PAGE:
Welcome to The Closing Bell. This is your last stop for biz scoops and big news before the weekend — a roundup of stories that can’t wait till Monday.
Following the early July announcement that insurance firm Aetna agreed to purchase Louisville’s Humana, the Connecticut-based company’s CEO, Mark Bertolini, conducted a fairly extensive interview with Institutional Investor magazine. In it, he showed a progressive side, specifically on the issue of wages for Aetna workers. He also revealed that the Aetna/Humana deal got rolling — and was perhaps even decided — months before it was officially announced.
In early January, Bertolini announced Aetna’s new minimum wage would rise to $16 company-wide, which was enacted in April. It’s projected that 5,700 Aetna workers have gotten a raise as a result — by an average of 11 percent, although some workers saw a jolt of as much as 33 percent. Bertolini said the raises would cost Aetna $26 million, but he believes it will save the company $120 million over time by promoting greater worker retention. Bertolini had missionary zeal about the raises. “If we’re going to reinvigorate the company, we have to restore the middle class,” he said.
Bertolini also said the move would help Aetna as the health care landscape shifts to more of a retail market.
“And a retail market requires a person on the front lines taking care of our customers in very different ways than in the past,” he said. Paying employees enough so that they don’t have to worry about their own health care both builds their relationship with Aetna and improves customer service, he said.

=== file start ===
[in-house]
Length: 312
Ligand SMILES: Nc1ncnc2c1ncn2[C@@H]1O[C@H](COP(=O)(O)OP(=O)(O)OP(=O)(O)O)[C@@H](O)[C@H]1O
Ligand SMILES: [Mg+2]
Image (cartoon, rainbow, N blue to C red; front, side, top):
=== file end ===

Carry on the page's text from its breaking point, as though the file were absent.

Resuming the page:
IL asked Humana spokesman Tom Noland what that company’s current minimum wage is. He said the firm assesses all roles each year by market standards and compares them to other similar companies. “We then review multiple wage and salary surveys to ensure that we pay our associates on a market-competitive basis,” he said.
In the interview, Bertolini also said he and Humana CEO Bruce Broussard first seriously discussed a deal months before it was announced. “Quite frankly, the ‘yes’ didn’t come until March 28, when I sat down with Bruce and had my very first conversation with him about whether he was ready. He said yes, and that’s what began the conversations.”
The deal was announced July 3.
In other Broussard news, the investment site Seeking Alpha recently analyzed the changes made to his severance package, aka his “golden parachute,” should he lose his job due to Humana getting acquired. As reported by IL, public documents revealed Broussard’s severance agreement was changed on July 2, the day before the deal was announced. Those changes ensured Broussard’s time-based stock options and equity awards, as well as his performance-based stock options, would become vested immediately should Humana be purchased and Broussard not continue with the new company.
In his initial agreement, Broussard was to receive $16.9 million severance. But Seeking Alpha reported that with the accelerated changes, Broussard’s severance would rise to $46.5 million. Shareholders will have the chance to vote on these changes via the “Say on Golden Parachute” rule, which was enacted in the Dodd-Frank Wall Street Reform and Consumer Protection Act. Such votes are advisory, however; Humana’s board of directors doesn’t have to follow what the shareholders decide.